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Michael John Estocin

Date of birth: April 27, 1931
Date of death: KIA (As a POW): Body Not Recovered
Burial location: San Diego, California
Place of Birth: Pennsylvania, Turtle Creek
Home of record: Akron Ohio
Status: MIA

In 1973, 591 American prisoners were released from North Vietnam. Michael Estocin was not among them. Returned POWs heard his name in several camps, and sources reported that he was alive, still held prisoner. Hanoi denies any knowledge of Michael Estocin. He is among nearly 2500 Americans still missing from the Vietnam war.

AWARDS AND CITATIONS

Medal of Honor

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Awarded for actions during the Vietnam War

The President of the United States of America, in the name of Congress, takes pride in presenting the Medal of Honor (Posthumously) to Captain Michael John Estocin, United States Navy, for conspicuous gallantry and intrepidity at the risk of his life above and beyond the call of duty on 20 and 26 April 1967 as a pilot in Attack Squadron One Hundred Ninety-Two (VA-192), embarked in U.S.S. TICONDEROGA (CVA-14). Leading a three-plane group of aircraft in support of a coordinated strike against two thermal power plants in Haiphong, North Vietnam, on 20 April 1967, Captain Estocin provided continuous warnings to the strike group leaders of the surface-to-air missile (SAM) threats, and personally neutralized three SAM sites. Although his aircraft was severely damaged by an exploding missile, he reentered the target area and relentlessly prosecuted a Shrike attack in the face of intense anti-aircraft fire. With less than five minutes of fuel remaining he departed the target area and commenced in-flight refueling which continued for over 100 miles. Three miles aft of TICONDEROGA, and without enough fuel for a second approach, he disengaged from the tanker and executed a precise approach to a fiery arrested landing. On 26 April 1967, in support of a coordinated strike against the vital fuel facilities in Haiphong, he led an attack on a threatening SAM site, during which his aircraft was seriously damaged by an exploding SAM; nevertheless, he regained control of his burning aircraft and courageously launched his Shrike missiles before departing the area. By his inspiring courage and unswerving devotion to duty in the face of grave personal danger, Captain Estocin upheld the highest traditions of the U.S. Naval Service.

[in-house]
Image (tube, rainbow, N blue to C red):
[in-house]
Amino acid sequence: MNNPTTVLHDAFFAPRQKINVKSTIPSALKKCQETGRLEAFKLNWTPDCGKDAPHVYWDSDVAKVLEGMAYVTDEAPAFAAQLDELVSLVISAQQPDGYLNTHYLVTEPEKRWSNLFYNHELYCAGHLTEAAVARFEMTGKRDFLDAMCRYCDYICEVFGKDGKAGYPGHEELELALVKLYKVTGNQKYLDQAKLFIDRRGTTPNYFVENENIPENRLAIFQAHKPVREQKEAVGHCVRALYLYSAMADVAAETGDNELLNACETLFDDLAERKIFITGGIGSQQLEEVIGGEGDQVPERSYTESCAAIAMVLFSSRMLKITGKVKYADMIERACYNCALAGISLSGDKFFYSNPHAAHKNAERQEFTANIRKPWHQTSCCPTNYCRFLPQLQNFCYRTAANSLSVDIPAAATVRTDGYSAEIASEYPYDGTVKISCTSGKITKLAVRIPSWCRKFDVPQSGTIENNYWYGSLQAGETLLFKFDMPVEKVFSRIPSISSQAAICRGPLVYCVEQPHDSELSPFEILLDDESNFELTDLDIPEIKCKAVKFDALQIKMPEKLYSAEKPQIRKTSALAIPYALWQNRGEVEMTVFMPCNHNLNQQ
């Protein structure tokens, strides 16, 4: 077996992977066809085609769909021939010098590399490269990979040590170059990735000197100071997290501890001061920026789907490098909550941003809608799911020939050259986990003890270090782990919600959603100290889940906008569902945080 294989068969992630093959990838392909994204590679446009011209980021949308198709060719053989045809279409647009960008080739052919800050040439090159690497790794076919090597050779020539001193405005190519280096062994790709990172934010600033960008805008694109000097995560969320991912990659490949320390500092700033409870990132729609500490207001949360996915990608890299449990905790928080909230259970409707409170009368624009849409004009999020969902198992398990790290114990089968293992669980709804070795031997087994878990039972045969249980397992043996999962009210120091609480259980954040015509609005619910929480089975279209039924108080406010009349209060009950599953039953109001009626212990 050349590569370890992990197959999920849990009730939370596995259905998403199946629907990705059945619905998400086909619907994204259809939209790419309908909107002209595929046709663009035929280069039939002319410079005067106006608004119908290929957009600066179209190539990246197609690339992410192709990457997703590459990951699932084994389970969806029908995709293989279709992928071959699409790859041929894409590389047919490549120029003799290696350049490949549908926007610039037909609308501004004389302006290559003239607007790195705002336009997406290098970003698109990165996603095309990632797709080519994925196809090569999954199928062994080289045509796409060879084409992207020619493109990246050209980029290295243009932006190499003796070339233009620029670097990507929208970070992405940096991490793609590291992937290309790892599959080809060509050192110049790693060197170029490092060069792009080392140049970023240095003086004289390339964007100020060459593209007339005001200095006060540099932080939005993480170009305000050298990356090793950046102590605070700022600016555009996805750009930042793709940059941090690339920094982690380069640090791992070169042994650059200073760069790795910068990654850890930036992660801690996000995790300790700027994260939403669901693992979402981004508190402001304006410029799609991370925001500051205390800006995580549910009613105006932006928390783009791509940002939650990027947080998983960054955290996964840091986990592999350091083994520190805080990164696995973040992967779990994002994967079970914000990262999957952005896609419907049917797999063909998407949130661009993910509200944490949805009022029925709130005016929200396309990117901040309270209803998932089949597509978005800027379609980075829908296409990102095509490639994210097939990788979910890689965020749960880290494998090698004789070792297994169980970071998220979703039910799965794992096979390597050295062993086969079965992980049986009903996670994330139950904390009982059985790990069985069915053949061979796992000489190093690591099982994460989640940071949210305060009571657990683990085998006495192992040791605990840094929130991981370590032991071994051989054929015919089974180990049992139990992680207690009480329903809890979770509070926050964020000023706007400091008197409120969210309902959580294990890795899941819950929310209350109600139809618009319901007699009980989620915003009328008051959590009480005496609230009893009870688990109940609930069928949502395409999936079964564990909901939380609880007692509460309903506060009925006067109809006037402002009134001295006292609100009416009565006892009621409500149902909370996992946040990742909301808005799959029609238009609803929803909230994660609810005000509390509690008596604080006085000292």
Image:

Action Date: April 20 & 26, 1967

Service: Navy

Rank: Captain

Company: Attack Squadron 192 (VA-192)

Division: U.S.S. Ticonderoga (CVA-14)

Distinguished Flying Cross

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Awarded for actions during the Vietnam War

The President of the United States of America takes pride in presenting the Distinguished Flying Cross (Posthumously) to Captain [then Lieutenant Commander] Michael John Estocin, United States Navy, for heroism and extraordinary achievement while participating in aerial flight on 19 January 1967, while serving as a Pilot with Attack Squadron One Hundred Ninety-two, embarked in U.S.S. Ticonderoga (CVA-14), during aerial combat operations in Southeast Asia. As the leader of three Shrike-configured aircraft, Captain Estocin was responsible for providing warning, detection, and suppression of hostile surface-to-air missile activity directed at elements of the main strike group conducting a coordinated attack against the Dong Phong Thuong Railroad Bridge north of Thanh Hoa, North Vietnam. He lured the opposing missile sites to direct their fire toward his widely dispersed position by deploying the Shrike aircraft well ahead of the main strike group. During the course of the mission, Captain Estocin broadcast timely and accurate warning of enemy missile firings and personally took under fire two enemy missile site, destroying one and causing significant damage to the radar facilities of the other. He was subjected to heavy and accurate enemy anti-aircraft fire throughout the execution of these attacks. After exhausting his ordnance and at great personal peril, Captain Estocin remained on station to act as a lure in drawing any missile fire away from the remaining strike group. Only when assured that the main strike group was clear of the missile threat did Captain Estocin leave the hostile area. His skill, aggressiveness, and courage in the face of intense enemy opposition were instrumental in the successful completion of this strike against the enemy without aircraft loss or damage. Captain Estocin's actions throughout were in keeping with the highest traditions of the United States Naval Service.

Action Date: January 19, 1967

Service: Navy

Rank: Captain

Battalion: Attack Squadron 192 (VA-192)

Division: U.S.S. Ticonderoga (CVA-14)